This Week In Techdirt History: July 11th - 17th

from the looking-back dept

Five Years Ago

This week in 2016, the DEA seemed to be making some kind of effort to curb its abuse of warrantless wiretaps, while a report in the UK showed that police improperly accessed data on citizens thousands of times, and Sweden was considering making DNA that had been donated purely for medical research available to cops and insurance companies. Two senators were speaking out against efforts to expand FBI surveillance, and one of them who is well known to Techdirt readers — Ron Wyden — joined the podcast to discuss it. This was also the week that Pokemon Go took the world by storm, and we had an early mention of what is now a household name with a post about AstraZeneca trying to extend a patent.

Ten Years Ago

This week in 2011, we wrote about why PROTECT IP would fail in its goals because people would never accept it, while lobbyists were ramping up the pressure to get it passed. Righthaven was accused of avoiding paying legal fees it owed and was ordered to stop delaying, while it continued to suffer loss after loss. And the Monkey Selfie drama continued, with a news agency telling us to remove the photos from our post and the photographer claiming he owned the copyright because he thought the picture might happen, while we looked closer at why the photo is likely in the public domain.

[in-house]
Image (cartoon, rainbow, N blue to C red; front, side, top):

Fifteen Years Ago

This week in 2006, a judge handed down a worrying ruling that said it infringes copyright to edit movies you've bought. The recording industry in the UK was asking ISPs to shut down the accounts of file sharers, but they were not convinced by the evidence, drawing the disappointing ire of indie record labels that were failing to innovate. There was also a lot of think-of-the-children panic happening, and we took a look at the overbearing ways people were trying to keep kids "safe" by tracking and monitoring them, while some in congress were blaming MySpace for troubled children.

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Filed Under: history, look back

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